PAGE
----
Rossi v. Town of Pelham, Civil No. 96-139-SD.

CourtUnited States District Courts. 1st Circuit. United States District Courts. 1st Circuit. District of New Hampshire
Writing for the CourtDevine
Citation35 F.Supp.2d 58
PartiesCheryl B. ROSSI v. TOWN OF PELHAM; Peter R. Flynn, individually and in his capacity as Pelham Administrative Ass't; Paul R. Scott, individually and in his capacity as Vice-Chairman of the Pelham Bd. of Selectmen; David Rowell, individually and in his capacity as Pelham Police Chief.
Docket NumberCivil No. 96-139-SD.
Decision Date29 September 1997
35 F.Supp.2d 58
Cheryl B. ROSSI
v.
TOWN OF PELHAM; Peter R. Flynn, individually and in his capacity as Pelham Administrative Ass't; Paul R. Scott, individually and in his capacity as Vice-Chairman of the Pelham Bd. of Selectmen; David Rowell, individually and in his capacity as Pelham Police Chief.
Civil No. 96-139-SD.
United States District Court, D. New Hampshire.
September 29, 1997.
Order Denying Reconsideration December 18, 1997.

Page 59

COPYRIGHT MATERIAL OMITTED

Page 60

COPYRIGHT MATERIAL OMITTED

Page 61

Michael L. Donovan, Concord, NH, for Plaintiff.

Diane M. Gorrow, Soule, Leslie, Kidder, Zelin, Sayward & Loughman, Salem, NH, Donald E. Gardner, Devine, Millimet & Branch, PA, Manchester, NH, for Defendants.

ORDER

DEVINE, Senior District Judge.


In this civil rights action, plaintiff Cheryl B. Rossi, who was serving as town clerk and town tax collector for the Town of Pelham, New Hampshire, claims that Pelham officials

Page 62

unlawfully searched her office at the town hall and unlawfully seized her person and her property by placing a police guard in her office to watch over her on her last day of service. Rossi also alleges numerous state law claims arising out of the same facts.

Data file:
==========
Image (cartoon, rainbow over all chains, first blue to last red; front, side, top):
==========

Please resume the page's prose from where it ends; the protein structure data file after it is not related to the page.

At issue before the court is defendants' motion for summary judgment and plaintiff's objection thereto.

Statement of Facts

Plaintiff Rossi was serving as town clerk and town tax collector for the Town of Pelham, New Hampshire, a position which she held for 23 years. In 1993, Rossi lost her bid for reelection to those offices. New Hampshire law requires a succession audit when the position of town tax collector passes to a successor. New Hampshire Revised Statutes Annotated (RSA) 41:36 provides: "Whenever the term of office of a collector of taxes shall end ... [t]he selectmen shall cause an audit of his accounts to be made promptly." Rossi contacted the town's auditing firm to make arrangements for the required succession audit. She spoke with Paul Mercier at the firm, who told her that the audit would take place on Monday, March 15, 1993. During their conversation, Rossi told Mercier she planned to take home for the weekend the books and records she kept as town tax collector in order to prepare for the Monday audit. Later, in a conversation with defendant Peter Flynn, a member of the Pelham board of selectmen, Mercier mentioned Rossi's plans to remove the books and records from the town hall to her house. In turn, Flynn relayed word of Rossi's plan to defendant Paul Scott, another selectman.

Selectman Scott convened a meeting of the board of selectmen to inform them of Rossi's plan and to discuss what, if anything, the selectmen should do about it. At the meeting, the selectmen voted to have defendant Police Chief David Rowell take action to prevent Rossi from removing the books and records from the town hall. In carrying out the vote of the selectmen, Scott and Flynn prepared the following letter for Chief Rowell to deliver to Rossi: